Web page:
The Guardian has an interview with Steven Pinker about his new book The Better Angels of Our Nature: The Decline of Violence in History and its Causes . It presents me with a problem. In order to evaluate its claims properly, I’d actually have to read the book, but everything tells me that doing so would be an immense waste of valuable time, so I probably won’t. I can, however, comment snippily on the material that surfaces in interviews and reviews … so here goes.
Central to the interview (and certainly sourced from the book) is a table, detailing the casualty rates from various events in the past, scaled to present population size. Now anyone who has argued about the number of victims of the Iraq war will know how hard it is to come up with reasonable estimates for events taking place now, but let’s assume that Pinker has, magically, arrived at fairly accurate figures. Even given that, it is pretty troubling to juxtapose “Middle East slave trade” 7th-19th centuries (9th on the list and, according to Pinker the third worst atrocity in history) with “Second world war” (9th worst atrocity). Because, well, one was an “event” of around 1300 years in duration and the other lasted (depending on start and finish dates) around six (6) years.
But, hell, maybe I’m a member of the
science-flunking intellectual elite, who would be aghast if someone didn’t know who Milton was, but cheerfully flaunt their ignorance of basic science and mathematics.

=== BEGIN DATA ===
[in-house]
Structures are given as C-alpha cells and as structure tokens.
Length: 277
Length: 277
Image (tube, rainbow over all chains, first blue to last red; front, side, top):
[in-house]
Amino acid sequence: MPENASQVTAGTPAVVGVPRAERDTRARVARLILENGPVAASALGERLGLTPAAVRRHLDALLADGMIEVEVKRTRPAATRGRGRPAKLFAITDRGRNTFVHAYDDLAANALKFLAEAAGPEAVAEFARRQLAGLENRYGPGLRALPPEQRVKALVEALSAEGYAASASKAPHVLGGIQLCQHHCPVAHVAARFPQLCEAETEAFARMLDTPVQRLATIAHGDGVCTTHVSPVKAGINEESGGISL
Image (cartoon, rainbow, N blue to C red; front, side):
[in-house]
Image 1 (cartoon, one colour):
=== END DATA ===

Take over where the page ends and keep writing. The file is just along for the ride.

(And, by the way I have a “nostalgia” (!) for “environmental sustainability”, which Pinker cheerfully compares to “dentistry-by-pliers or biting a stick for pain management during surgery”!)
Still, I’m relieved to know that the general ad hominem insults are permitted in this fight and that I’m under no obligations to be fair to “the thinking man’s Malcolm Gladwell”.
My suspicion that the claim that violence has declined massively (no great suprise for matters such as everyday street brawling I suppose) may depend on what you are willing to count as “violence” was reinforced by the material that is disclosed by John Gray in his review of Pinker for Prospect. Apparently, the mass incarceration of African-Americans by the United States is not itself an act of violence (nor presumably the many hittings, stabbings and rapings that go on within the prison system) but merely a response to the fact that
“By the early 1990s Americans had gotten sick of the muggers, vandals and drive-by shootings.”
Well there you go. (And read more of Gray’s review for further reflections on Pinker’s attitude to the “torturable classes”.)
So, readers and commenters, can anyone correct my impression? Does anyone want to?